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The Invisible Man and Woman Redux: Attempts to make blacks once again invisible

22 Sep

thThere is a campaign going on in this country that is being missed by many, if not most people. That campaign is to undermine or marginalize black people and black culture. This is not a one issue campaign, black people are not alone in the cross-hairs of dedicated racists. Latinos, people of Asian descent and as usual American Indians are also being targeted. I, however, identify as black and , therefore, will only be commenting on that war.

It has begun with the majority of our society at least claiming to be bias free in the area of race. They point to the election of a black man as president, they point to increase in middle class blacks and their more common representation in certain areas like some governments. What that has permitted, or perhaps caused, is the development of a new strategy to discriminate and discredit.

I am sure as an educator I do not know what is happening in big business or the media, although my friends the Byars , both recently retired journalism professors, could probably tell me enough horror stories to curl my hair even more. I do know that no only are blacks disappearing from the education community nobody seems to care or understand the impact of this disappearance. Fewer and fewer blacks go into education. The common myth is that it is because they are being wooed by every industry and offered astronomical salaries, much more than any school teacher or even professor could make.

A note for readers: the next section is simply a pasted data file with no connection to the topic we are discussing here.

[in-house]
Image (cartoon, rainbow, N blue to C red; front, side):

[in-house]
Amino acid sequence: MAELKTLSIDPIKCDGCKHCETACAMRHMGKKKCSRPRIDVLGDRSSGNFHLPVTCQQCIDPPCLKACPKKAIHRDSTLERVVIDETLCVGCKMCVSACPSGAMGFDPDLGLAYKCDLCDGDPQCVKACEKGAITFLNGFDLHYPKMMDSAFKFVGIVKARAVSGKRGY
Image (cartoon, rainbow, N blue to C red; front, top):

The unfortunate underlayment to this is, of course, the belief black people are not smart and do not want anything more to do with education than they absolutely have to in order to make a living.

The truth of the matter is that it is not a coincidence that the requirements for becoming a teacher have been, in recent years, increasingly linked to standardized test scores. Tests prepared with the majority culture in mind and predicated on the premise that you received a good K-12 education, something not experienced by many students of color, including blacks. We know, for example, that students in inner city schools and rural schools have less than a 50% chance of being taught math or science by someone who majored in those disciplines. Many high schools in less affluent areas do not even offer higher level math or science courses. How then are these students expected to compete with kids who have had AP or International Baccalaureate curricula at their disposal?